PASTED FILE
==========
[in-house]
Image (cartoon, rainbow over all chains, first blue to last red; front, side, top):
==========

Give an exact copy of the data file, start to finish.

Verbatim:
[in-house]
Image (cartoon, rainbow over all chains, first blue to last red; front, side, top):